I remember the 124 Spider that DTR had also brought along. See, some people turn up at shoots with cars that don't really do the marque or model credit, but whenever you got a 124 from DTR you knew they would supply the best. They knew – and know – what an advert it can be if they get it right. And they got it right this time. The car was fresh out of resto  and spot on in every way. It positively fizzed with sporting loveliness, the handling was wonderful, the brakes sublime, everything was perfect and it confused the hell out of me: it drove like the most together sports car ever, but was so together it felt like an exotic, maybe a baby Ferrari or something. I am sure that few are that good, but on the basis of that day, I consider the 124 Spider to be criminally undervalued to this day.

It didn't win my heart though, that was utterly, stupidly and brutally wrenched from me by something far more animalistic. From the second I lifted the T-bar to engage reverse I knew I was going to love the Sunbeam Tiger. On company fuel it was even more fun. So I spent the day gunning it, occasionally being prised out of it and basically being the patsy running errands because I leaped at any opportunity to drive this car. I went out for sandwiches, then went straight back out for fuel to replace that I had burned en route to the supermarket. The Tiger and I were instant motoring soul-mates.

So much so that shortly afterwards I found one to buy for another feature. Bloke said I could have it (a Mk1) for £5k. The next weekend I dragged Julian Balme up to Essex to validate my purchase and he, not wanting to be responsible for my financial downfall, wisely pointed out all the potential horrors and talked me out of it. I should have taken a different C&SCer with a Tiger history (Walsh) because I reckon he would have made me go for it.

Besides if I had bought that Tiger, I would have been too busy funding the replacement of inner panels to have bought my Elan. So Balme was right, rationally, if not emotionally, because things went crazy and I never got close to bagging a Tiger again. But all that is beside the point, which is that we had an amazing day out with these 10 sports cars and I can only remember three of them.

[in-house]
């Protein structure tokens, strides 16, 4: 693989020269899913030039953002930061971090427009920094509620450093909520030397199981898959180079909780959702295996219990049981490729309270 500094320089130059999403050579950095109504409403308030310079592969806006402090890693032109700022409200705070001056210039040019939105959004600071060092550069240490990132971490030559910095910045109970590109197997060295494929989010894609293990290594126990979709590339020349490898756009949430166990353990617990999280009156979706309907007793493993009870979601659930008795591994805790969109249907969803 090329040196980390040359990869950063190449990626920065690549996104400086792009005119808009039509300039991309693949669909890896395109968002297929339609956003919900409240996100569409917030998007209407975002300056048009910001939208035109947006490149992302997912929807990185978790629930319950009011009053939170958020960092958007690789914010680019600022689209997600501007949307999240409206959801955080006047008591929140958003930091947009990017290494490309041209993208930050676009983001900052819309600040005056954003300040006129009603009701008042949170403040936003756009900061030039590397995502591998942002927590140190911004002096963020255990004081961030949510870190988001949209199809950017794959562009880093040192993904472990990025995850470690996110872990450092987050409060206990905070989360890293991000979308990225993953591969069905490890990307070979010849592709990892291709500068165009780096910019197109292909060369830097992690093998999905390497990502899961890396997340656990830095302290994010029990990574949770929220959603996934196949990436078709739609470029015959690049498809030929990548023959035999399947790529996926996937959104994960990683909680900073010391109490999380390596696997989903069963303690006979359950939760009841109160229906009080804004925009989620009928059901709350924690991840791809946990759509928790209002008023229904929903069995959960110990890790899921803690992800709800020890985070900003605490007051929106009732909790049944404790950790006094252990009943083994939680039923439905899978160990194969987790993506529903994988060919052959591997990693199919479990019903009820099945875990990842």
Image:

Maybe I was simpy too lowly to drive the others, maybe I just wasn't offered, but without flicking to the front of the book to check the answers, that is all I recall. Well, that and the look on then-editor Gavin Conway's face when the bill for the test track and the fuel receipts came in. After that there would be myriad great C&SC days out, but never again one with quite that abandon (for which read, cost).

Thing is, if Gavin had asked nicely, I was on such a high after the Tiger, so intoxicated by its noise and poise, that I would happy have paid for the track out of my salary, even if it was two month's worth of pay.

A lot of good things have happened to me since (Mick Walsh and I became the jammiest sods on the planet for a couple of hours at Curborough one day, but I will share that story another time), but I guess that this was that day that made me realise that this was a job that I could never voluntarily leave.After the event research reveals that, as well as the cars mentioned above, the photoshoot – for the July 1997 issue of C&SC – included Alfa Romeo 2600 Spider, Jaguar XJS V12 HE, Chevrolet Camaro, Mercedes-Benz 350SL, Morgan 4/4, Peugeot 504 V6 Cabrio and Triumph TR250 (that's an American market TR5, and Elliott drove it, below)